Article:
(This article was first published on

**R-Chart**, and kindly contributed to R-bloggers)I was curious about creating maps with ggplot2 - and was happy to find that great minds have long since tackled this topic. Folks who are interested in how to learn about R (and ggplot2) might be interested in the process. (There should be a "greatest hits" listing related to R topics like this - the best I can think of to do is revive them in a forum like this).

After looking through the ggplot2 book (which had some simple examples) and the online documentation, I did a few searches and came across the topic on stackoverflow. At the end of this post there is a reference to previous discussions in the R community. It seems that an article on Flowing Data (using Python) inspired a bit of discussion of implementations of choropleth maps with R. And so a challenge was issued to do this in R. Several solutions were created and reviewed - and I decided to replicate the first response. Fortunately Hadley Wickham included his solution in his github repository. A slightly modified version of his original chart is shown below.

My revised version included a title, legend name and call to coord_map. I followed the same process as the original challenge - downloaded the data from the Bureau of Labor Statistics and saved the relevant sheet as a csv.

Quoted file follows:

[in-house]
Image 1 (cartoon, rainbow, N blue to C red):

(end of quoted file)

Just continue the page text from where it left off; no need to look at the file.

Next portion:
m=ggplot(choropleth, aes(long, lat, group = group)) +

geom_polygon(aes(fill = rate_d), colour = alpha("white", 1/2), size = 0.2) +

geom_polygon(data = state_df, colour = "white", fill = NA) +

scale_fill_brewer(pal = "PuRd", name="Rate")

m + coord_map() + opts(title="US Unemployment Data (2009)")

Worked like a charm. Note that there are some known problems with this solution. Some additional mapping/data cleanup is required to get a complete view of the data set (which explains why Louisiana is missing). I thought it would be neat to animate the results. So I subcontracted out animation using Gimp to a local expert. He created the following - a quick attempt to illustrate the changes over time. It is not ideal, you kind of have to pick a point stare at it and watch for changes over time.

Incidentally, blogger does not support animated gifs directly,

I know that there is an R animation package, but was not sure of its applicability in this scenario. How would you create an animation that illustrates changes on a map over time?

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